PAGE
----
Tuesday, March 11, 2008

I would

have paid good money (if I had any) to go to this show-

the band are able to recreate the intricate layers of blissful harmonies on songs such as "Maybe after He's Gone" and "Beechwood Park". As their voices soar in the middle of "Hung Up on a Dream", it's real shivers-down-the-spine stuff. The baroque pop of "Friends of Mine", dedicated to the couples who did and didn't make it, and the anti-war "Butcher's Tale (Western Front 1914)" prove that the band were both of their time and incredibly prescient. "Time of the Season", the album's closing track, has lost none of its breathy, breezy charm. The encore of "Tell Her No" and "She's Not There" further demonstrates how far St Albans' finest had travelled from their British Invasion beginnings.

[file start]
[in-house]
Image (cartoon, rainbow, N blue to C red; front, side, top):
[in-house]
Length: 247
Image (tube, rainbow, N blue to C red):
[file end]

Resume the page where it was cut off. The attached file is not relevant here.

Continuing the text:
Critics are often accused of perversely talking up obscure albums but Odessey and Oracle has gone from curio to cult to classic and deserves a place in everyone's collection. Timeless.

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